Student employees now subject to background checks

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The UT System Board of Regents will now require all student employees at UT to go through a criminal background check, according to an email sent to the Human Resources Department last week.

The departments that hire student employees will cover the cost of background checks, University Operations spokeswoman Cynthia Posey said.

UT has between 7,000 and 10,000 student employees, and the process will cost $4 for every person who has not gone through a criminal background check, she said.

“When you’re talking about a mass number, because we hire a lot of people, it can add up,” Posey said.

The College of Liberal Arts alone has 21 departments and 20 research centers. Each department hires about five student employees, so the cost impact could be huge, but right now the amount of that impact is far from clear, said Gail Davis, director of human resources for the college.

According to the email, students who take a year off between jobs at the University will have to go through a background check again even if they have done so in the past.

“These things are very common,” said Daniel Sharphorn, associate vice chancellor and deputy general counsel for the UT System. “Among different institutions there are some variances.”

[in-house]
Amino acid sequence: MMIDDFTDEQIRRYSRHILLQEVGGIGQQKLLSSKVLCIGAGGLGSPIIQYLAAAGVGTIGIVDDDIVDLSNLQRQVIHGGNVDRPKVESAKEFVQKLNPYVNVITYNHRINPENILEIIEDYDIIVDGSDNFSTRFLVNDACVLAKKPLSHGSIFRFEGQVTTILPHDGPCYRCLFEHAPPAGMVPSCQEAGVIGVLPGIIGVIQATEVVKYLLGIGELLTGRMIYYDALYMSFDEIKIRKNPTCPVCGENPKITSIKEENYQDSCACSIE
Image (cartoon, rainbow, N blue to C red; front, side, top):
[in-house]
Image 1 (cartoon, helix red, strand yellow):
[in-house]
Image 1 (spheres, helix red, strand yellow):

UT-Dallas and UT-San Antonio have been conducting employee background checks for faculty and students for many years. Sharphorn said the process is not perfect, but it does help identify criminals and people who could be dangerous to faculty and students.

“The goal is to make students and staff as safe as possible,” Sharphorn said.

After 9/11, students and faculty have become prime targets for criminal background checks, said Jeffery Graves, associate vice president for legal affairs.

“We are very conscious in how we do them,” Graves said.

The Human Resource Department looks for convictions, not arrests, job-relatedness and severity, he said. If a person has a been convicted for driving under the influence, he or she will most likely not get a job that requires driving, Graves said. He added the same person can most likely get a job in a different department.

“If somebody is a sex offender, we certainly don’t want them working in the Child Development Center,” he said.

He added that the cost of the process spreads finely across the departments. Even if one department has 200 employees, it won’t be more than about $1,000, Graves said.

“It’s not going to have a large impact,” he said.

English junior Kendra Loftice, who works at Services for Students with Disabilities, said she doesn’t think conducting employee background checks will create problems.

“It’s just to make sure you don’t have a criminal record where it would affect those who are working around you,” she said.